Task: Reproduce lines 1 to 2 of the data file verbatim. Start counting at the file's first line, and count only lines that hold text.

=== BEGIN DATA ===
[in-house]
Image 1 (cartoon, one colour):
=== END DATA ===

[in-house]
Image 1 (cartoon, one colour):